Jacobs' second touch-
down on a three-yard run
extended the Giants' ad-
vantage to 36-24 with 9:30
remaining in the fourth
quarter. The two-point con-
version try failed.
The Giants drove 40
yards in five plays follow-
ing Domenik Hixon's 43-
yard punt return, which
would have been a 73-yard
touchdown if Michael
Johnson hadn't been penal-
ized for holding.
The Giants traveled 57
yards in 11 plays prior to
the field goal. including a
13-yard Boss reception that
a'.\ him leap :ove'r safety
Quintin Mikell to pick up
five extra yards on his way
to a first down at the Ea-
gles' 22-yard line. Two runs
for 15 yards gave the Giants
a first-and-goal. Ahmad
Bradshaw gained two more
yards to the five. But Man-
ning overthrew Burress in

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\1 i' [, ,,FL 32344
ocQ 99O 1/ 4n0


the end zone and Derrick
Ward was stopped for a five-
yard loss. so Carney trotted
out to kick his third field
But Coughlin. with his
coaches upstairs and Man-
ning urging him on, chal-
lenged the call. After
review, referee Terry
MNcAulay said Manning's
back foot was behind the
line of scrimmage and up-
held the completion. Two
plays later. Brandon Jacobs
scored a touchdown on a
three-yard run that gave
the Giants a lead they
would never relinquish at
The Giants took their
three-point lead into the
fourth quarter. Carney's 28-
yard field goal with 13:28
remaining in the game in-
creased the Giants' lead to
30-24. But the Giants were
unable to score from in
close, this time after hav-
ing a first-and-goal at the
"(Manning) wanted the
challenge and upstairs
backed it up," Coughlin
said. "From upstairs, they
were saying his foot might
have been on the line, but
he wasn't over it. With the
naked eye I wasn't sure. I
was back behind the play
Eli was pretty sure."
"That was a typical
Eagle-Giant game," Coach
Tom Couglilin said."'It wag
a battle. The games are
right down to the wire, re-
ally physical-and competi-
tive. Both team playing as
hard as they can play and
squeezing every inch out
of every situation."


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12A Monticello News



Wednesday, November 19, 2008

o Oget1

By Doug Peters
L'S N'ay A.DJ.3
This vwe.k the Tallahassee
area was privileged to view
what most of us v ill1 never see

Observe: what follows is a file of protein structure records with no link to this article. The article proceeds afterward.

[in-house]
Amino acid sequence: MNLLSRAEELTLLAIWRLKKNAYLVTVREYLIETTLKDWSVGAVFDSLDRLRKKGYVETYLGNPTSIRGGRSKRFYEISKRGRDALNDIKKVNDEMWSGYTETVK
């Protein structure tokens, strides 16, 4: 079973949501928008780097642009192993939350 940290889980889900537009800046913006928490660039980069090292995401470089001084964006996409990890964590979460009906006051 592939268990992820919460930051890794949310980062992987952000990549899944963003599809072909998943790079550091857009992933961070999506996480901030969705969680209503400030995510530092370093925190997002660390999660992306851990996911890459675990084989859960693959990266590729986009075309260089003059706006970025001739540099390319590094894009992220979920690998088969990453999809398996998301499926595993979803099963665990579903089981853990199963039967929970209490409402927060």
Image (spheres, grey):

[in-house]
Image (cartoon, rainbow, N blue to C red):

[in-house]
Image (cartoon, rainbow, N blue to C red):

in person. It is a traveling
memorial to some of the men
and women who gave their
lives for their coMuntIr.
It is a long black wall with a
list of more than 51.i ,U(I names
carved in white letters. Each
name is. not was, somlleon(e to
whom %we owe a debt of grati-
tude for their sacrifice.
I was deeply touched %w ith a
sense of awe and respect for
these individuals who are now
just a list of names on the wall.
The experience was a bit more
emotional than I had thought it
would be.
This is the Vietnam War
Memorial. It is a roster of all
who died while in service in
the conflict.

These are not the special
forces' wannabes, nor the swift
bot heroes' we know ot. These
are those %% ho served and gave
theur lives while doing so The
overwhelming majority: like
myself, made it back with Ifew,
L' an., physical scars. There
are many. many. ex-servicemen
and women walking right
beside you every day who
served and were injured, some
seriously, and we don't even
know it.
There are also hundred's
upon hundred's who have since
succumbed to injuries received
from the conflict. Not only from
wounds. but. many have suf
feared the devastating effects of
things such as Agent Orange.
These names will not be includ-
ed on this wall. only in the
memory of friends and family
These men and %women did
not want to die on foreign soil.

They had hopes and
(dreams of living here, in
America, with the free-
donm to choose their own
destiny. They wanted to
live free. as much as fate
would allow. Free to
choose who, or if. they
married. where they
lived., where the\ worked,
how they lived, where
they traveled. what they
did with their own earn-
ings, w ho and where they
worshipped and to be able